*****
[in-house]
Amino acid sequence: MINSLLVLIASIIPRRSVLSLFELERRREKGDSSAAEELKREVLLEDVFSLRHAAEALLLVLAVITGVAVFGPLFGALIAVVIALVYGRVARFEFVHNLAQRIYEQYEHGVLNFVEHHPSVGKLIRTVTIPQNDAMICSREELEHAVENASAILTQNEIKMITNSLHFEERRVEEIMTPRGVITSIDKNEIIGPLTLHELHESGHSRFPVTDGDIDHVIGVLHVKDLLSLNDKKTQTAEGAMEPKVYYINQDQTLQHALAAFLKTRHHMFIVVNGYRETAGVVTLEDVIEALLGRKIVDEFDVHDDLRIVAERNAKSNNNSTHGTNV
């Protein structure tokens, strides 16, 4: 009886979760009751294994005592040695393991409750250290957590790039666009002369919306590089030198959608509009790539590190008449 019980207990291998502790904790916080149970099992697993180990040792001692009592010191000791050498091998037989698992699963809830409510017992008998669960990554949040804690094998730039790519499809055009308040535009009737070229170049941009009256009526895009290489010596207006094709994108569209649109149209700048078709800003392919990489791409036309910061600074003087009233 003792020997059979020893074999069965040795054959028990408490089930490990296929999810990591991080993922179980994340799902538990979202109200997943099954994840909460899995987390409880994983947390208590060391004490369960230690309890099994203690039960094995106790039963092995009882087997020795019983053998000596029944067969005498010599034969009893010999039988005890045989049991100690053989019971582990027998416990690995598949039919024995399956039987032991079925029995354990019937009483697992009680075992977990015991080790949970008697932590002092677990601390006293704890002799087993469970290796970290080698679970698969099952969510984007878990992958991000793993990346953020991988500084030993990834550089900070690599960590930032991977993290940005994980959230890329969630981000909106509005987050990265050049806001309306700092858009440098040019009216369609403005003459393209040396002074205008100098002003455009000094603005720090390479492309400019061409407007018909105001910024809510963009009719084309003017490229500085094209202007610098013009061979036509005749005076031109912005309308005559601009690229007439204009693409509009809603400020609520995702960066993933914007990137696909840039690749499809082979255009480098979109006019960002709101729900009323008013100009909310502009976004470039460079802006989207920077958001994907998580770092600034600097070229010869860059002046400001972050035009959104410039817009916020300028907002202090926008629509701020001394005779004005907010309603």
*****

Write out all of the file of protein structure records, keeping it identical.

[in-house]
Amino acid sequence: MINSLLVLIASIIPRRSVLSLFELERRREKGDSSAAEELKREVLLEDVFSLRHAAEALLLVLAVITGVAVFGPLFGALIAVVIALVYGRVARFEFVHNLAQRIYEQYEHGVLNFVEHHPSVGKLIRTVTIPQNDAMICSREELEHAVENASAILTQNEIKMITNSLHFEERRVEEIMTPRGVITSIDKNEIIGPLTLHELHESGHSRFPVTDGDIDHVIGVLHVKDLLSLNDKKTQTAEGAMEPKVYYINQDQTLQHALAAFLKTRHHMFIVVNGYRETAGVVTLEDVIEALLGRKIVDEFDVHDDLRIVAERNAKSNNNSTHGTNV
């Protein structure tokens, strides 16, 4: 009886979760009751294994005592040695393991409750250290957590790039666009002369919306590089030198959608509009790539590190008449 019980207990291998502790904790916080149970099992697993180990040792001692009592010191000791050498091998037989698992699963809830409510017992008998669960990554949040804690094998730039790519499809055009308040535009009737070229170049941009009256009526895009290489010596207006094709994108569209649109149209700048078709800003392919990489791409036309910061600074003087009233 003792020997059979020893074999069965040795054959028990408490089930490990296929999810990591991080993922179980994340799902538990979202109200997943099954994840909460899995987390409880994983947390208590060391004490369960230690309890099994203690039960094995106790039963092995009882087997020795019983053998000596029944067969005498010599034969009893010999039988005890045989049991100690053989019971582990027998416990690995598949039919024995399956039987032991079925029995354990019937009483697992009680075992977990015991080790949970008697932590002092677990601390006293704890002799087993469970290796970290080698679970698969099952969510984007878990992958991000793993990346953020991988500084030993990834550089900070690599960590930032991977993290940005994980959230890329969630981000909106509005987050990265050049806001309306700092858009440098040019009216369609403005003459393209040396002074205008100098002003455009000094603005720090390479492309400019061409407007018909105001910024809510963009009719084309003017490229500085094209202007610098013009061979036509005749005076031109912005309308005559601009690229007439204009693409509009809603400020609520995702960066993933914007990137696909840039690749499809082979255009480098979109006019960002709101729900009323008013100009909310502009976004470039460079802006989207920077958001994907998580770092600034600097070229010869860059002046400001972050035009959104410039817009916020300028907002202090926008629509701020001394005779004005907010309603």